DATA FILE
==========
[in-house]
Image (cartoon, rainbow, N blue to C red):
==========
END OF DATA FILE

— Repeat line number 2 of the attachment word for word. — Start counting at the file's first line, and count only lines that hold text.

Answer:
Image (cartoon, rainbow, N blue to C red):